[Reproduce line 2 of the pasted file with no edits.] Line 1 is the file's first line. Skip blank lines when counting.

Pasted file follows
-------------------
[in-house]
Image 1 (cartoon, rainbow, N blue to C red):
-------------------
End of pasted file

Image 1 (cartoon, rainbow, N blue to C red):